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Published on June 30th, 2009 | by Zachary Shahan

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Rainwater Harvesting Legalized in Colorado

Until this year, there were three Western states where it was illegal to have a rain barrel in your back yard: Washington, Utah, and Colorado. A change to local laws means we can scratch the latter off the list!


According to a Sunday New York Times article:

The two Colorado laws allow perhaps a quarter-million residents with private wells to begin rainwater harvesting, as well as the setting up of a pilot program for larger scale rain-catching.

Before this legislation passed, buying a rain barrel was a lot like visiting a head shop. You could purchase one, but make sure you don’t talk about what it’s for! While the old law was rarely enforced, folks can now purchase, set up, and use their rain barrels on the up and up.

Why Water Laws?
A commenter on a previous post here about water rights in the West explained:

The reason behind this is that some water right holders depend on the water from seasonal creeks that are only active for brief periods of the year (aka spring) and theoretically stopping the rain from entering the stream by “diverting” the water takes away water from the downstream rights holder.

But this is very nonsensical within city limits where everything is paved and gutters everywhere…

However, a 2007 study found that the law’s logic was a little faulty. After studying precipitation near the Denver area, researchers found that 97% of the water did not make it to streams. Most of it was taken up by plants or just evaporated.

I’m glad to see Colorado coming around! The same commenter from above mentioned that they were considering a similar change to the laws in Utah. Let’s keep our fingers crossed!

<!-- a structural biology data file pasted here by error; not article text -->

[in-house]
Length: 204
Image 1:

[VIA]

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About the Author

is the director of CleanTechnica, the most popular cleantech-focused website in the world, and Planetsave, a world-leading green and science news site. He has been covering green news of various sorts since 2008, and he has been especially focused on solar energy, electric vehicles, and wind energy since 2009. Aside from his work on CleanTechnica and Planetsave, he's the founder and director of Solar Love, EV Obsession, and Bikocity. To connect with Zach on some of your favorite social networks, go to ZacharyShahan.com and click on the relevant buttons.



  • http://www.business-strategies-etc.com Gail NIckel-Kailing

    Interesting that the State of Washington outlaws rain runoff collection because the City of Seattle sells rain barrels.

    That’s where we bought ours.

  • Matlucci

    Enviros should be against rainwater harvesting. Those who support it do not understand water rights laws. Allowing rainwater capture will open up new areas to development where a well or other water source was not available (e.g. for 35 acre ranchettes in the mountains). Same thing happened when exempt wells were approved. It will not reduce demand for water one bit, but rather cause more water use. In a system where every drop of water is owned, if one person does not use it it goes to the next in line. That line is so long that the water never gets left in the stream.

  • chris

    As long as everybody thinks that breading more humans is the thing to do, nothing will be accomplished to save the enviroment.

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